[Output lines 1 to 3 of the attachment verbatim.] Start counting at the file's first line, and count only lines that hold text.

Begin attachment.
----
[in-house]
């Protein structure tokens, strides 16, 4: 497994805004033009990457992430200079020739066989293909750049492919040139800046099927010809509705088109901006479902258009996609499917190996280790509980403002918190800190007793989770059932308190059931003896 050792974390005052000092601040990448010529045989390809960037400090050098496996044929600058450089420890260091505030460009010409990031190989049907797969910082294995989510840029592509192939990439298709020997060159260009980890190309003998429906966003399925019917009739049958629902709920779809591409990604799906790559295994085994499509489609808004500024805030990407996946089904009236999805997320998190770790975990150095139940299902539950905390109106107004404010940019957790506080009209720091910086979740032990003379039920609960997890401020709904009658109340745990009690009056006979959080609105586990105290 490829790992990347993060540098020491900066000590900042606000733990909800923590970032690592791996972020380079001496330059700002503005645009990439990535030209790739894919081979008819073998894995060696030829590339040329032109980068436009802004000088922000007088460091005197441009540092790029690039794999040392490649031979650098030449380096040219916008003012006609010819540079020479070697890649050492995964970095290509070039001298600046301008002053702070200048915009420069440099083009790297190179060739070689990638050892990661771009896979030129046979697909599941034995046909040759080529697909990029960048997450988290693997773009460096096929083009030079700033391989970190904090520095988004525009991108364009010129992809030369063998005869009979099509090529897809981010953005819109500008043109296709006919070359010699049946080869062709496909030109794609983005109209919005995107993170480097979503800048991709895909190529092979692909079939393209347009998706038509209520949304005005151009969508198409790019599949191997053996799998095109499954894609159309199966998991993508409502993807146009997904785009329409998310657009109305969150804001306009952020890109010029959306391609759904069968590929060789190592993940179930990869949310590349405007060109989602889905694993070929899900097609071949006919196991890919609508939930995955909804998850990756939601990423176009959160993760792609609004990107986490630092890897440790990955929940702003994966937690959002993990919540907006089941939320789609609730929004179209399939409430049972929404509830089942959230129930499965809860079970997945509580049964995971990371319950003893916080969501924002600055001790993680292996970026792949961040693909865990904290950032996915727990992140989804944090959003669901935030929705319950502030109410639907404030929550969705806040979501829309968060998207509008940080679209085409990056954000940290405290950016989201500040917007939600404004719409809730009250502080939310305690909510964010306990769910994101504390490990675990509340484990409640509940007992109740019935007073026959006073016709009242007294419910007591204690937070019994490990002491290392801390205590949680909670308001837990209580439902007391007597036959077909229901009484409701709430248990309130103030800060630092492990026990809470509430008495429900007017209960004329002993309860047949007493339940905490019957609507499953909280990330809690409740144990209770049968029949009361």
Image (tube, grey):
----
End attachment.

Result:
[in-house]
């Protein structure tokens, strides 16, 4: 497994805004033009990457992430200079020739066989293909750049492919040139800046099927010809509705088109901006479902258009996609499917190996280790509980403002918190800190007793989770059932308190059931003896 050792974390005052000092601040990448010529045989390809960037400090050098496996044929600058450089420890260091505030460009010409990031190989049907797969910082294995989510840029592509192939990439298709020997060159260009980890190309003998429906966003399925019917009739049958629902709920779809591409990604799906790559295994085994499509489609808004500024805030990407996946089904009236999805997320998190770790975990150095139940299902539950905390109106107004404010940019957790506080009209720091910086979740032990003379039920609960997890401020709904009658109340745990009690009056006979959080609105586990105290 490829790992990347993060540098020491900066000590900042606000733990909800923590970032690592791996972020380079001496330059700002503005645009990439990535030209790739894919081979008819073998894995060696030829590339040329032109980068436009802004000088922000007088460091005197441009540092790029690039794999040392490649031979650098030449380096040219916008003012006609010819540079020479070697890649050492995964970095290509070039001298600046301008002053702070200048915009420069440099083009790297190179060739070689990638050892990661771009896979030129046979697909599941034995046909040759080529697909990029960048997450988290693997773009460096096929083009030079700033391989970190904090520095988004525009991108364009010129992809030369063998005869009979099509090529897809981010953005819109500008043109296709006919070359010699049946080869062709496909030109794609983005109209919005995107993170480097979503800048991709895909190529092979692909079939393209347009998706038509209520949304005005151009969508198409790019599949191997053996799998095109499954894609159309199966998991993508409502993807146009997904785009329409998310657009109305969150804001306009952020890109010029959306391609759904069968590929060789190592993940179930990869949310590349405007060109989602889905694993070929899900097609071949006919196991890919609508939930995955909804998850990756939601990423176009959160993760792609609004990107986490630092890897440790990955929940702003994966937690959002993990919540907006089941939320789609609730929004179209399939409430049972929404509830089942959230129930499965809860079970997945509580049964995971990371319950003893916080969501924002600055001790993680292996970026792949961040693909865990904290950032996915727990992140989804944090959003669901935030929705319950502030109410639907404030929550969705806040979501829309968060998207509008940080679209085409990056954000940290405290950016989201500040917007939600404004719409809730009250502080939310305690909510964010306990769910994101504390490990675990509340484990409640509940007992109740019935007073026959006073016709009242007294419910007591204690937070019994490990002491290392801390205590949680909670308001837990209580439902007391007597036959077909229901009484409701709430248990309130103030800060630092492990026990809470509430008495429900007017209960004329002993309860047949007493339940905490019957609507499953909280990330809690409740144990209770049968029949009361």
Image (tube, grey):